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nephrolithiasis

Nephrology

Kidney Stone Clinic Stresses Prevention

Nephrology_Kidney Stone ClinicThe incidence of pediatric nephrolithiasis, or kidney stones, is increasing between 6 to 10 percent a year, driven in part by obesity and poor diets.[1] To counter this rise, pediatric urologist Pankaj Dangle, M.D.,  an assistant professor and director of robotic surgery in the division pediatric urology at the University of Alabama at Birmingham (UAB), spearheaded the effort to establish a multidisciplinary pediatric kidney stone clinic at Children’s of Alabama.

The clinic, the only one of its kind Southeast, is a collaboration among Dangle, pediatric nephrologist  Michael E. Seifert, M.D., an associate professor in the division of pediatric nephrology at the University of Alabama at Birmingham (UAB), and Children’s clinical nutritionist Perrin Tamblyn Bickert, MS, RD, LDN, CLC, to provide coordinated care for the prevention of kidney stones.  Patient visits are coordinated through the urology specialty care clinic at Children’s.

Seifert, who treated many of these children while training in Boston, knew he wanted to find a better way of managing children with kidney stones and preventing their recurrence.

“One reason we started the clinic is that kidney stones are typically identified in the acute stage, when children present to the emergency department,” Seifert said. Patients usually see a urologist who determines whether to handle the stone medically or surgically. “But that doesn’t do anything about preventing future stones,” Seifert said. And, given that a child who develops a kidney stone has a 50 percent chance of developing another stone in the next 12 to 18 months, “just getting rid of it is only part of the story.”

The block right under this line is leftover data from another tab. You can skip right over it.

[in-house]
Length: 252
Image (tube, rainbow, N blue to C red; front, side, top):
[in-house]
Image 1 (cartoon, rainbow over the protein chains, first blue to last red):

With the clinic approach, Seifert said, children can see three specialists during one visit, and the clinicians can talk to the patient and family together to develop a comprehensive treatment plan focused on prevention of future kidney stones.  “To have an all-in-one clinic at the same time makes this a novel clinic and a great resource for kids,” he said.

“The most important thing is that we are now able to provide comprehensive care to our patients so that all aspects of the disease are addressed,” said Dangle, who, prior to joining UAB/Children’s, treated children while training in Chicago. “The urologist deals with it surgically; then the nephrologist assesses blood serum levels of minerals and vitamin D, how well their kidneys function and obtains a 24-hour urine analysis.” After that, Bickert enters the picture and calculates the nutritional formula.

“When all three of us are in the room at the same time, it reinforces what each of us are saying,” Dangle said.

Nutrition and inadequate hydration play a major role in kidney stone development, which is why the nutritional part of the management plan is so important, said Bickert, who is one of only two pediatric renal nutritionists in the state. She works with children and their families to modify the amount of sodium in their diet, increase fluids and limit oxalate intake. “We ask kids to participate as much as possible,” she said.

Bickert’s job can be challenging, she admits, particularly since she may be asking families to change long-entrenched eating habits. “A lot of our patients live off chicken fingers and French fries,” she said. Both are salty, and potatoes are very high in oxalate, which contributes to stone development. “So reducing sodium intake after years of a high-sodium diet can be a very big lifestyle adjustment.” Bickert also works with schools to ensure that children can carry a water bottle with them. The schools send her their lunch menus in advance, and she circles the items her patients can eat.

“We know that prevention is better than any cure in medicine,” Dangle said. “And the clinic is helping us with that.”

[1] Miah T, Kamat D. Pediatric Nephrolithiasis: A Review. Pediatr Ann. 2017 Jun 1;46(6):e242-e244.

Kidney Care
Learn more about nephrology clinics and services at Children’s of Alabama.